An interesting thing happened in the North American collision repair market. While the four largest collision repairers have for some time stopped announcing even the largest recent acquisitions, the pace of consolidation has continued at a rabid pace. Since the beginning of 2012, the four largest operators have more than tripled the number of locations under management, increasing to 1,435locations from only 420. But something odd just happened.
Note: I’m presenting at NACE this year. How to Grow in a Consolidating Industry. You can free tickets and reserve a spot using this link. I’m pretty excited about it and hope you can make time in your schedule to attend. I’ll also be carving out time for confidential meeting requests. These are always popular sessions, so be sure to get your request in early. And for those of you who are subscribers, you know I’m planning a super secret event. If you’re not a subscriber or you have no idea what I’m talking about, now would be a great time to sign up for updates.
Last quarter two of the four largest consolidators stopped expanding. But while two took a step back from the aggressive expansion, the other two continued on pace, possibly for record years. Based off of publicly available data, in Q2 2016 ABRA did not complete any acquisitions and Service King only expanded by 2 locations. On the other hand Caliber continued to expand aggressively, adding 26 additional locations and Boyd completed multiple single store acquisitions adding 8 locations in the U.S. and Canada.
Only a few weeks ago while I was presenting at IBIS, Caliber made the bold prediction that they would hit $6 billion in sales by 2020. With average per store revenues of $4 million, that implies a total footprint of about 1500 stores. Put differently, Caliber would have to nearly quadruple the number of stores under management to hit that target, or add about 1,100 stores from a current base of just over 400. While that target is rather aggressive, based on the numbers, it appears management is aggressively pursuing multiple opportunities to expand the business – including an aggressive use of real estate partners in identifying and building to spec new locations.
But the numbers demonstrate another more subtle phenomenon that may have a larger impact on mergers and acquisitions in the automotive aftermarket, and in particular, the price of your business. Buyers can exit the market as quickly as they entered the market. Prices can go down as quick as prices have increased over the past few years. As a business owner, it is prudent to always be thinking of ways to maximize the value of your business. When two of the largest buyers decide to take a less active role in the market, and a third begins to demonstrate a preference for new site development over acquisitions, what are the implications that may have on the overall price of your business?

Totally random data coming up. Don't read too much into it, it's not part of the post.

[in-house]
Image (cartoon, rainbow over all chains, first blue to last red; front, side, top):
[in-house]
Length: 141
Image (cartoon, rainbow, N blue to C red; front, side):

When it comes to mergers and acquisitions, buying or selling a business, there are often many factors that influence the price of the business that are outside of your control. When working with the “buy-side” (i.e. helping them buy other companies) we often remind them to be patient, as ultimately the deal is never really in the buyers control since the decision to sell will always rest in the hands of a seller. But for sellers, there are many market dynamics outside of the seller’s control that determine what a buyer can or is willing to pay for your business.
For some time, I’ve been saying that I see many more factors that can have a negative impact on the price of your business than a positive one in today’s current economic climate. While the slowdown in acquisitions and expansion may be a short term quarterly blip, it may also be a sign of things to come. It is one of many data points I continually look at to provide my clients with the best business planning advisory possible.
If you would like to discuss how buy/sell activity and other economic trends may impact your business please reach out to me using my contact page (subscribers, email me). All of my conversations with you are extremely confidential. I don’t share your information with others.
Until next week!